As a resident, Dr. Garton said, the decision to build her career at WMed was cemented by the medical school's commitment to mental health support, early education resources, and specialized programs like eating disorder treatment. Her involvement in the Leadership, Education, and Neurodevelopmental Disabilities (LEND) program allowed her to gain insights into caring for individuals with neurodevelopmental conditions. Her experience as a resident in the eating disorder clinic has given her the experience she needed to see patients there.
In July, Dr. Garton became an assistant professor in the medical school’s Department of Pediatric and Adolescent Medicine. She said mentoring medical students and residents reinforces her own understanding of the medical concepts she teaches.
"I feel like it's important and helps me learn as well as remember some of the things that may have not come to mind for a while," she said.
Neil Hughes, MD, became an assistant professor in the Department of Medicine in July after finishing a fellowship in Simulation at the medical school. Dr. Hughes earned his medical degree from WMed in 2019. He went on to complete a residency in Internal Medicine at WMed and then became the medical school’s first-ever Simulation fellow. The decision to pursue the fellowship brought Dr. Hughes full circle. He started working in the Simulation Center in 2012 shortly after graduating from Western Michigan University and was part of laying the foundation for what the 24,000-square-foot facility has become today. During his fellowship, Dr. Hughes designed a simulation curriculum for Internal Medicine.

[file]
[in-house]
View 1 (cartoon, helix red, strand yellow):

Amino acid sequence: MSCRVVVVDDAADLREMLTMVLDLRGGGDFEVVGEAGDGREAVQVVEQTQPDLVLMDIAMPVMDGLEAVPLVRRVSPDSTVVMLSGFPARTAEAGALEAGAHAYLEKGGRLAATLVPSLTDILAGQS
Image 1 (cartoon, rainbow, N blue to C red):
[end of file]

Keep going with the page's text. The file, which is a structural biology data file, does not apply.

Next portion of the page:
Now, as a faculty member, Dr. Hughes is part of WMed's Department of Medicine, sharing his expertise with residents and fellows.
“I like to joke with people that clinical care is good but teaching is great and it’s my passion,” Dr. Hughes said. “I got to learn a lot of things about curriculum development and simulation design and even some of the business aspects of simulation during my fellowship.”
Dr. Hughes emphasized the immense support and camaraderie within the WMed community, making it an exceptional place for faculty and learners alike to thrive. For him, WMed is not just an alma mater, but a place that nurtures growth and fosters personal connections.
"My wife lives in Texas while she finishes her pediatrics residency and we are doing the long-distance thing, which is challenging,” Dr. Hughes said. “WMed leaders have worked with me to come up with a schedule where I can work clinically while also teaching and having the opportunity to visit my wife.”
But, he said, he is passionate about being a faculty member and teaching.
“I found the most rewarding thing was actually teaching and taking care of patients because it expands my reach,” Dr. Hughes said. “If I have one patient in front of me, I have one patient in front of me. But if I’m teaching, then all of a sudden the students that I’m teaching go off and each sees a patient, so it extends my reach and my impact.”